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A Culture of Innovation Starts at the Top

Steve Epner, President — the Startup Within

• distribution management best practices • management strategies • distribution industry sales management • personnel development • leadership training • Innovate for the Future • Simplfy Everything book • innovation

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A Culture of Innovation Starts at the Top

In this video, Randy MacLean talks with Steve Epner, President of The Startup Within, about best practices for integrating innovation into your business. Managers can and should encourage employees in innovating new ways of doing what you already do that are better for the company and especially better for the customer.

Diverging and Converging

Innovation can be a great tool for solving problems. The most effective way to find innovative solutions is to think outside the box by eliminating constraints. Remove time constraints. Remove cost and people constraints, and brainstorm solutions from there. The answers may seem wild and unrealistic. However, the next step of converging allows you to take those ideas and investigate how you might implement or tweak them and develop innovative solutions.

Who has the Answers?

It's common to think that managers are supposed to have the right answers all the time, but this is a trap. By admitting you don't have all the right answers, you help create a culture of innovation. People on the front lines often know more than managers, and with this mindset, your team will feel more free to come up with innovations.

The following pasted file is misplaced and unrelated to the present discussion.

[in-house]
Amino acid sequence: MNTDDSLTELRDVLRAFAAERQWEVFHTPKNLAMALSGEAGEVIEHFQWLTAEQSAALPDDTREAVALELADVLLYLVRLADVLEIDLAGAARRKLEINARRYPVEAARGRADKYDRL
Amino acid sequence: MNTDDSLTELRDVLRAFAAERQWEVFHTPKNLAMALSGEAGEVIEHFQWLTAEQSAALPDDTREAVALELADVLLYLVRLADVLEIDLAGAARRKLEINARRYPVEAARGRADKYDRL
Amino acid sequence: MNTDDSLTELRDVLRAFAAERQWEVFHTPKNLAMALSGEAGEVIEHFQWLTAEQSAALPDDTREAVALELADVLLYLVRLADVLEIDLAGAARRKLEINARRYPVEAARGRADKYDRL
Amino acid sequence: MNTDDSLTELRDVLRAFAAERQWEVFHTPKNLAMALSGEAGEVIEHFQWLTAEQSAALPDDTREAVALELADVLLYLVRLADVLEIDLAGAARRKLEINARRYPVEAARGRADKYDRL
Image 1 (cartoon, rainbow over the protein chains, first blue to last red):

Part of your job as a leader is to ask how things can be made better and improved. You can enhance and build upon an idea to bring out innovation from your people. Work with them to feel confident in presenting new ideas.

Don't forget, the principle role of a manager is to improve the business, which means improving the people. Managers should be actively growing the next generation of leaders, essentially training their own replacements. Then, they themselves can move up to higher level positions.

Don't Train People to be Afraid to Make Decisions

People on the line have the answers. So, it makes sense that top managers should let go of some decision making. Don't teach your people to bring all the decisions to you without doing work themselves. Coach them in to making decisions by asking questions such as,

•What have you tried?

•What do you recommend?

As a manager, your job is to encourage them, to help them grow, and to trust your people in order to grow your company.

For more information about Steve Epner, visit: www.thestartupwithin.com